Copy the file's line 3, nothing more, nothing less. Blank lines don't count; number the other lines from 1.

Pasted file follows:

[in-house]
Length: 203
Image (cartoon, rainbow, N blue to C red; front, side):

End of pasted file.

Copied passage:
Image (cartoon, rainbow, N blue to C red; front, side):